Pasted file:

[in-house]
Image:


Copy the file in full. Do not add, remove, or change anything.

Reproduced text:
[in-house]
Image: